Making Radicals

My only reaction to Shadi Hamid’s op-ed in the Wall Street Journal outlining his views on how Democratic centrists are transmogrifying into immoderate partisans:

In polarized times, political competition comes to resemble tribal warfare. Everyone is under pressure to close ranks and boost morale. Lacking an animating vision beyond expert-led incrementalism, center-left politicians and pundits have few options to rally the Democratic base other than by attacking adversaries and heightening partisan divides. The other option—laying out an alternative that differs from what Hillary Clinton or even President Obama offered—requires ideological conviction.

That would explain why Rep. Adam Schiff —previously “known as a milquetoast moderate,” according to the New Yorker—has emerged as one of the most outspoken figures in the Russian collusion investigation. Before being appointed to succeed Mrs. Clinton in the Senate, Kirsten Gillibrand was an upstate New York representative who belonged to the Blue Dog Coalition. Her 2013 New Yorker profile was titled “Strong Vanilla”—and she now boasts the upper chamber’s most anti- Trump voting record.

Many Democrats are unwilling to accept that Mrs. Clinton actually lost to Donald Trump. Those who find her standard center-left technocratic worldview congenial are disinclined to accept ideological explanations, so they look for scapegoats: Russia, James Comey, even the voters who supported Donald Trump. Mrs. Clinton herself pre-emptively offered the last explanation in September 2016, when she consigned half of Trump supporters to “the basket of deplorables”—“they are irredeemable, but thankfully they are not America.” As 2020 approaches, Democrats run the risk of repeating that mistake, taking for granted, as Mrs. Clinton did, that Mr. Trump’s unique flaws will be sufficient to ensure his defeat.

is “poppycock”. He’s confusing a lack of principles other than the urge to power with being a moderate. It may be that some moderates are what were once called “Nixonian centrists” (striking the middle between the “Right” and the “Left”). Does that characterize Adam Schiff?
I have no idea. When you have guiding principles you follow them. When all you have is the urge to power, you go whichever way the wind is blowing.

Technocracy has failed. Its advocates, presumably including Mr. Hamid, refuse to acknowledge that. Technocrats led us to war in the Gulf in the 1990s and are proximally responsible for our being at war ever since. Technocrats created the boom-bust cycle we’ve seen over the last 30 years. Technocrats have caused the enormous increase in income inequality that has metastasized in the U. S. That’s a disastrous track record.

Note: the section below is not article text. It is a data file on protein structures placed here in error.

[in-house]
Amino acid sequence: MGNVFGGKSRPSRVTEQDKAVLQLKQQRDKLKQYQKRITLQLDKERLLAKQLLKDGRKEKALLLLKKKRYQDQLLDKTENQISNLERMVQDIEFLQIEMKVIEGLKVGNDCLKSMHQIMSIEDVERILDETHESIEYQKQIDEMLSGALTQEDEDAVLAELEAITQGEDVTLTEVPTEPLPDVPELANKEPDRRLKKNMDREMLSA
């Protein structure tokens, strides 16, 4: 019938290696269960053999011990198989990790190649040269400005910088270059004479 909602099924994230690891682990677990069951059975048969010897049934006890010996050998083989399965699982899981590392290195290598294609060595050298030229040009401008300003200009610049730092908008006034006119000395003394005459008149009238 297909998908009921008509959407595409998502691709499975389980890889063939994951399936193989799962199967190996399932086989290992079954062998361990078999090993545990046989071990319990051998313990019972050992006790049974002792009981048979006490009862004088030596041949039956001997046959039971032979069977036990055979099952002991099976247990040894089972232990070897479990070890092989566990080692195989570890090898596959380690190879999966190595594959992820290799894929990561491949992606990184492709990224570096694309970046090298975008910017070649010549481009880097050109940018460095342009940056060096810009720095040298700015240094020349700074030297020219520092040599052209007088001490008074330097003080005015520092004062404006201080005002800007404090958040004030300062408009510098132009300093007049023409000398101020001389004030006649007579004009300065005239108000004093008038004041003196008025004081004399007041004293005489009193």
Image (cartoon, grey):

In one critical sense technocracy is like Christianity or communism. The real sort has never been tried. It probably never will.

3 comments… add one
  • Andy Link

    It still pretty depressing that first principles are pretty much absent from our politics. The more zealous partisans I know personally glaze over when I ask them about it, or they repeat the talking points du jour.

  • Gustopher Link

    Gillabrand’s House district was fairly conservative, and she represented her district well. When she got to the Senate, she gained the rest of NY and represents her state well. She has some strong principles, but defers on the other issues to the people she represents.

    I don’t think that’s bad.

    I wish more of our public serpents were that way. It’s better than the Republican strategy of electing the most radical person possible.

    “Public serpents” is a pretty awesome iPad typo for “public servants”, so I didcided to stick with it.

  • Ben Wolf Link

    The point of technocracy is proximity to power. It’s never been principle or the security of the American people or acting in their interests. You can look at people like David Brock and David Horowitz to see this in action. One day they’re a left-wing radical or an arch-conservative and the next they’re on the other side. This isn’t because they had a come-to-jesus moment, it’s because they changed their estimate of the quickest route to influence and status for themselves. You can see it in Larry Summers who flip-flops from a market dogmatist to a populist based on shifts in the political winds. And you can see it in Democratic Party lobbyists who immediately go to work helping the Trump administration pass its legislative agenda.

Leave a Comment